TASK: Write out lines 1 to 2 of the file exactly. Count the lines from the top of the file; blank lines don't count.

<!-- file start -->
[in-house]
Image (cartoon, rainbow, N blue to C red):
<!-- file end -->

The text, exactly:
[in-house]
Image (cartoon, rainbow, N blue to C red):